Abseil Containers (Hash Tables)

The Abseil container library contains a number of useful containers generally adhering to the STL container API contract, including a number of hash tables:

  • absl::flat_hash_map
  • absl::flat_hash_set
  • absl::node_hash_map
  • absl::node_hash_set

Collectively, these hash tables are known as “Swiss tables” and are designed to be replacements for std::unordered_map and std::unordered_set They provide several advantages over the std::unordered_* containers:

  • Provides C++11 support for C++17 mechanisms such as try_emplace().
  • Supports heterogeneous lookup.
  • Allows optimizations for emplace({key, value}) to avoid allocating a pair in most common cases.
  • Supports a heterogeneous std::initializer_list to avoid extra copies for construction and insertion.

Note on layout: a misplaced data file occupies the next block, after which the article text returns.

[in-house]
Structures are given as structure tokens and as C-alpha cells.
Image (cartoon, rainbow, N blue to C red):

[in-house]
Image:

• Guarantees an O(1) erase method by returning void instead of an iterator.

Construction

The set of Swiss table containers support the same overload set as std::unordered_map for construction and assignment:


// Examples using node_hash_set and node_hash_map are equivalent

// Default constructor
// No allocation for the table's elements is made.
absl::flat_hash_set<std::string> set1;

absl::flat_hash_map<int, std::string> map1;

// Initializer List constructor
absl::flat_hash_set<std::string> set2 = {{"huey"}, {"dewey"}, {"louie"},};

absl::flat_hash_map<int, std::string> map2 =
    {{1, "huey"}, {2, "dewey"}, {3, "louie"},};

// Copy constructor
absl::flat_hash_set<std::string> set3(set2);

absl::flat_hash_map<int, std::string> map3(map2);

// Copy assignment operator
// Hash functor and Comparator are copied as well
absl::flat_hash_set<std::string> set4;
set4 = set3;

absl::flat_hash_map<int, std::string> map4;
map4 = map3;

// Move constructor
// Move is guaranteed efficient